What it Is:
Omegle is a chat site (there is also an app) that uses the phrase “Talk to Strangers!” to draw users in. Your parental red flags immediately went up, correct? This site is very clearly not a good idea for children and teens.
Once you sign up, the app simply chooses someone at random for you to either video chat or text with, anonymously. There is an option to get matched up with strangers based on interests, but that is not necessary. At the time that I logged in, which was a Monday afternoon, the site claimed to have 16,000+ users online at that specific time.
What Parents Need to Know:
The site states that you must be 18+ or 13+ with parental consent, but there is no way to verify your age on the site, since there is no registration. Omegle does suggest you keep your conversations anonymous, for safety reasons and they make it clear you can end a chat at any time. But, the site does have a reputation for dropping anonymity almost immediately and conversations getting off track quickly.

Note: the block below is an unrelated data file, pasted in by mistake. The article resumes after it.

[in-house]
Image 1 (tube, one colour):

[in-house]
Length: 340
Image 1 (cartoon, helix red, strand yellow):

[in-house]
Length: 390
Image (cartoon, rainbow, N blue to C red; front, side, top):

According to a Common Sense Media review, “Omegle is filled with people searching for sexual chat. Some prefer to do so live. Others offer links to porn sites.” In addition to the sexual content, language and violent graphics have also been reported.
Project B3’s Tips and Suggestions:
- This site/app is NOT for kids or teens.
- Keep an eye out for sites that are very much like Omegle: TinyChat,
Chatroulette, ChatRandom, and HeyPeople are just some examples.
- Video chatting is fun and a great way to keep in touch and socialize, just not on these apps and not with complete strangers. Still, be sure to set clear a boundary of how video chatting works in your household. Who may your children chat with? In what rooms of the house? For how long?